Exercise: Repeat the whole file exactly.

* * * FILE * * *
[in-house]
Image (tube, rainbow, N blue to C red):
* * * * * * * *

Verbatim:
[in-house]
Image (tube, rainbow, N blue to C red):